I'm using linux dual boot with windows, i can now depend on linux only, so if I use linux only and uninstall windows, i will get more advantages( like performance or any advantages) or no changes will happen?
As far as performance goes, I don't think there are any advantages. The benefit will be that you'll have all the disk space available for Linux and that the bootloader screen to choose what OS to load will be gone, so it'll be a bit faster to startup.
I guess you can also consider the piece of mind knowing that Windows will not mess with the bootloader during some update?
Let me make it clear,
Once you start using Single Boot, You will have all the disk space committed towards a single OS and then you don't have to worry about complex file storage between two OS as @zenzen said. Also, you will not have to troubleshoot the problems caused by the neighboring OS
The System shows somewhat higher Performance than a dual boot PC according to my experience. Also, you also have the option to wipe the entire disk with all files, if needed in emergency
If you are thinking of switching towards an entire Linux based system you will have the the following advantages :-
Operating systems are tools and I happen to use Windows for work and some games. The rest of the time I use Linux, but I also have the operating systems on different drives. Be sure that you no longer need Windows before switching, there is nothing wrong with having different tools at your disposal if you really need them.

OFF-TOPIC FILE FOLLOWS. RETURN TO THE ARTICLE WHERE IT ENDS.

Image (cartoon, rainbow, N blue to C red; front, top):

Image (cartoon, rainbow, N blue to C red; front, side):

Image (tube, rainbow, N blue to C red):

Many people make the switch to Linux in haste and then end up having to reinstall Windows because of something overlooked .You know best how you use your system and if Windows has nothing you need or want then go ahead and switch.
I don't need windows now, the only thing i need it in windows is live usb windows, Bootable Windows PE ISO To Boot, Recover ,format,And Repair , that tools in windows better than linux
I quit dual booting with Zorin OS and Windows for the simple reason that I don't use Windows at all anymore.
At one point I also quit dual booting entirely, even when I had only Linux distributions installed. It was too much trouble going back and forth just to try a feature, and ultimately I used one OS at the time anyway. Plus all the benefits listed already.
@eid, if you have the chance to use an older pc try to use that instead. Perhaps you can buy one that's used or refurbished. I agree that having a backup plan is a good idea, unless you are really sure.
I need Windows for some things where there is no Linux equivalent - for instance tax software, since I won't use a cloud based app for that. 16 Core and Windows 8.1 in Gnome Boxes works slick for those apps. When I need it, I run it up - but that's not very often anymore.
all about works and needs , if i were using adobe apps(Photoshop,illustrator,etc) i will use windows or mac,
if i were using visual studio community or pro, i will use windows or mac
if i were using ms-office and i depend on it , i will use windows
in work environment I think it's difficult to depend on gimp or inkscape instead of adobe apps, and the same in ms-office